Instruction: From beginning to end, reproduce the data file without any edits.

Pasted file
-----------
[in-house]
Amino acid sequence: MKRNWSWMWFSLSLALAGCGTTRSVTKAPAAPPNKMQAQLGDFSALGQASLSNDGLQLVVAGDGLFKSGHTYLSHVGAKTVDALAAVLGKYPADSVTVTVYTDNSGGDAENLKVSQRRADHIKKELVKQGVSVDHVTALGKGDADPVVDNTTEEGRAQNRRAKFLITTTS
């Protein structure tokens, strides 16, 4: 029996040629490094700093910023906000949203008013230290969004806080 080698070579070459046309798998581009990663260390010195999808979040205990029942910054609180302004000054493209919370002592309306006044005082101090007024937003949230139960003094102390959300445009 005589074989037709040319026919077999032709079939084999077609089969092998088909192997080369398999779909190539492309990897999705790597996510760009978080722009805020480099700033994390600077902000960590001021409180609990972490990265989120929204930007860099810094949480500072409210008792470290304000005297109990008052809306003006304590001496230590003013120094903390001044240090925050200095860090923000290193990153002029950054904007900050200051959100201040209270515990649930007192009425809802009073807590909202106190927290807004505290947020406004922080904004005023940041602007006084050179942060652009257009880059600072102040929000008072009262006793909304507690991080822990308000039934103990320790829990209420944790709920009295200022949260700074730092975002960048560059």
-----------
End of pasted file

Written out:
[in-house]
Amino acid sequence: MKRNWSWMWFSLSLALAGCGTTRSVTKAPAAPPNKMQAQLGDFSALGQASLSNDGLQLVVAGDGLFKSGHTYLSHVGAKTVDALAAVLGKYPADSVTVTVYTDNSGGDAENLKVSQRRADHIKKELVKQGVSVDHVTALGKGDADPVVDNTTEEGRAQNRRAKFLITTTS
């Protein structure tokens, strides 16, 4: 029996040629490094700093910023906000949203008013230290969004806080 080698070579070459046309798998581009990663260390010195999808979040205990029942910054609180302004000054493209919370002592309306006044005082101090007024937003949230139960003094102390959300445009 005589074989037709040319026919077999032709079939084999077609089969092998088909192997080369398999779909190539492309990897999705790597996510760009978080722009805020480099700033994390600077902000960590001021409180609990972490990265989120929204930007860099810094949480500072409210008792470290304000005297109990008052809306003006304590001496230590003013120094903390001044240090925050200095860090923000290193990153002029950054904007900050200051959100201040209270515990649930007192009425809802009073807590909202106190927290807004505290947020406004922080904004005023940041602007006084050179942060652009257009880059600072102040929000008072009262006793909304507690991080822990308000039934103990320790829990209420944790709920009295200022949260700074730092975002960048560059």